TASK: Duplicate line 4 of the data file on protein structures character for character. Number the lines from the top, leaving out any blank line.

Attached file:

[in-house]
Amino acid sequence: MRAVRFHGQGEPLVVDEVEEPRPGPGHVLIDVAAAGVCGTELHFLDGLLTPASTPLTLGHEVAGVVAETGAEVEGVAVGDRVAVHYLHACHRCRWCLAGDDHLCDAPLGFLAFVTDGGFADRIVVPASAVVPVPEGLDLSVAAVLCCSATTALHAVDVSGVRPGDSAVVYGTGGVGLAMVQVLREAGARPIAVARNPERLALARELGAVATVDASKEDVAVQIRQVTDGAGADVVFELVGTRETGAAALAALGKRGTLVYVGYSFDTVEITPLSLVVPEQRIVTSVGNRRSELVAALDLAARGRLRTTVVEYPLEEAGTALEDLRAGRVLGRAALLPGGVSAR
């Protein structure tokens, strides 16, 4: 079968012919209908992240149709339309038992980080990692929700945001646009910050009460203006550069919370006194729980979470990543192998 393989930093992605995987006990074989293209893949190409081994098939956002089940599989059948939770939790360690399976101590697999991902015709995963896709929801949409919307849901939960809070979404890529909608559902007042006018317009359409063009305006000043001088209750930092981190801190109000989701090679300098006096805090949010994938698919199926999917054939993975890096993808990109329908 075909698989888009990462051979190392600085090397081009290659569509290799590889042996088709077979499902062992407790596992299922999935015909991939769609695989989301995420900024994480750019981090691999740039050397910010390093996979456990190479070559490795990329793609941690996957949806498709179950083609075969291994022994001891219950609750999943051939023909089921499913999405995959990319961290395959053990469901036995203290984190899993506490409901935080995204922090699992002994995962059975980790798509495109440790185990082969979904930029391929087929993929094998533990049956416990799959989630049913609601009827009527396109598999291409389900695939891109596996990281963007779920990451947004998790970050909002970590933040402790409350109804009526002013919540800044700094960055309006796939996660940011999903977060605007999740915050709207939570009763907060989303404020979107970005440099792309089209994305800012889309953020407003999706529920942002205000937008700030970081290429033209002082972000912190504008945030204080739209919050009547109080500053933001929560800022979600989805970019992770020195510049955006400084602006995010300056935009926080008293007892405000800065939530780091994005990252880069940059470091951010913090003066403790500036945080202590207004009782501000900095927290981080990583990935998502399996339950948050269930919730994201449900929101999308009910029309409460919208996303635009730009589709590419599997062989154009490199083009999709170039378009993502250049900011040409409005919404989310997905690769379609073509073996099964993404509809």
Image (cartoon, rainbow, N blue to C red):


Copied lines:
Image (cartoon, rainbow, N blue to C red):